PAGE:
Kalela’s heart sank. She had been trying to reach all of them about the glory and diversity of life this semester. Some just didn’t want to think that way. Hopefully, Jiriji would not become the sort they had to lock away in a prison dimension when he grew up.

“There’s an excellent knowledge tap on water, its benefits, its drawbacks, and some of its inhabitants. I think you should all access it for next time. I might have a quiz!”

Potential

“So… what you’re looking at here is, essentially, the source code of the universe.” Devon paused a few moments to let that sink in with appropriate gravitas.

“What, like the Matrix?” Elene asked. She popped her bubblegum and looked distractedly over the walls, lined with runes and arcane drawings.

Devon sighed and restrained himself from rolling his eyes. Children. “No, not like the Matrix, Elene. This is not a simulation. This is not a computer. This is the inner workings of the very reality in which we live. From here, with the proper knowledge, you can change anything and everything. Remake the world to the limits of your imagination.”

“So, like, I could make my hair pink all the time?” Elene asked. At least Devon had her attention where it belonged now: on the book in his hands.

“You could raise up the downtrodden. End poverty forever. Make humankind immortal.” Devon inhaled at the rush of ideas. This child had so much potential. He could see it in her, the ability to not just read what was written here, but edit it, change it. She could be like a god and it would all start here. “Anything you have ever dreamed or wished could me made true. And with my guidance –“

“I could make my hair pink, then?” Elene asked.

Devon turned his eyes down and closed their lids. “Yes, Elene, you could make your hair pink.”

Keeping Up Morale

Hand reached up from the earth as Nikraal walked by. He was careful to stop at each one, shake it firmly, and give some perfunctory compliment before moving on. It never hurt to keep the minions happy, even the gravelings. It would be a dangerous time indeed to need to pull them from the ground. But morale was morale.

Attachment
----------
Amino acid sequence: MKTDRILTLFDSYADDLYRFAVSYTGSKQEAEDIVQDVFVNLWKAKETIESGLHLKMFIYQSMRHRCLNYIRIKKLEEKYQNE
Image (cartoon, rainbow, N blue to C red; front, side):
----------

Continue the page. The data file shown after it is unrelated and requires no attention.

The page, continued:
Which, of course, lead to Nikraal’s primary business of the day. The ghouls of St. Kapperlin’s cathedral had gone on strike. It was difficult to blame them, inconvenient as it was. They had done their job too well. Kapperlinton was a barren waste. The people had been whittled down to nearly nothing. Most had been killed, either eaten or turned over to Nikraal’s laboratory. The rest had fled. Only one man remained and he was so mad even Nikraal hesitated to interact with him.

So the ghouls were starving. They refused to move on, having established their families in the cathedral. They were demanding regular shipments of corpses in order to keep working in the field. And not just any corpses, of course. They had to be fresh. Some were even making pickier demands.

In ages past, Nikraal would have simply sent Bi’thoren to raze the area and call it a loss. Unfortunately, ghouls were getting harder and harder to come by. The Crusade of the Sun to the north had wiped out many families. Nikraal expected to need their specific skills in the coming months. So here he was, venturing on foot to this ridiculously sacred ground to play the peacekeeper.

Ha! There was an epithet nobody would ever put on his gravestone. Assuming he ever had one, of course.

Cramped Quarters

I’m going to reveal a truth that you may find very surprising. Being cramped into a 4 foot cell for the better part of a week for an interplanetary trip is not good for your mental health. Okay, maybe not that surprising. Forgive me as I try to work out my brain muscles again. They atrophy very quickly, it appears.

There are those who had it “worse” than me, shipping in the coffins below the main deck. They at least had the fortune of being dead. They didn’t really need the extra space. And of course there were plenty of others on the same ship. I doubt any of the others were six-foot-seven, though. There aren’t a lot of us who grew up on Medea. Even fewer of us ever leave.